Saturday, 12 December 2009

Poetry Review: Liv Torc at Otto Retro

I like Lic Torc. She does what she does - sassy performance poetry, off by heart, acted not just recited - and she does it well. I'm not the only one who says so. She won the South-West final of the Radio 4 Slam, is one of Matt Harvey's Wondermentalist cabaret troupe, and is an indefatigable presence on the local spoken word scene.

I like her work, or rather I like her performing her work. I like the title of her book too - 'Take Your Monkey and Get Out of My Life' - which isn't to say I bought a copy. Truth is, I'd only read it to remind me of her bringing it to life on stage. That's the problem with performance poetry on the page - with an active local scene giving plenty of opportunities to check out its good - and not so good - practitioners, and youtube as a backup if I ever feel like a fix of the same, I reserve my reading hours for other stuff.

Which isn't to say I don't regard Liv as a poet, I do, her and some - though not all - of her tribe - Amazonian and otherwise. Several were up there with her at Otto Retro - Exeter's funky junk store, one of the several homes of East Devon's poetry Stanza, Excite. In a funny kind of way, the setting was like the inside of her mind - eclectic bric-a-brac you probably don't need, but find yourself being charmed by all the same.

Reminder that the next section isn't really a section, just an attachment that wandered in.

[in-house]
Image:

Some had her pizazz and the ones that didn't, at least they had a go. I can listen to the worst of them for five minutes, once, on an open mic. By the third or fourth time my democratic instincts are being tested, but I don't begrudge anyone the opportunity. It's how wannabe poets test themselves against an audience, alongside other wannabes, the odd should've-been and the occasional real thing. It's like eating canapes - if you don't like what you've got, there's another one coming along to soak up your glass of wine.

And I kind of regret not buying a copy of that book for the title alone. It would have made a quirky present for one of my younger sisters or elder nieces. I might just have done that but then she was chaired as the Bard of Exeter, made to wear robes and take a vow after a long speech by the Grand Bard about what the recently interred tradition should mean to her and us. That sickle lacked a cutting edge. So I slipped out the door and rushed home to watch Larry David's 'Curb Your Enthusiasm' instead. And I'd advise performance poets with a comedic wit and sense of the ridiculous to do the same.

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